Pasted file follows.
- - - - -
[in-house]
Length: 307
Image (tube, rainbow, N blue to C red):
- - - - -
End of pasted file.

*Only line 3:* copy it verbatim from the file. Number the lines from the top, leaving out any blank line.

Image (tube, rainbow, N blue to C red):